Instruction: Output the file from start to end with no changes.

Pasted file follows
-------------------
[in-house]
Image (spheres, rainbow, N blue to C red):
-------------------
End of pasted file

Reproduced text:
[in-house]
Image (spheres, rainbow, N blue to C red):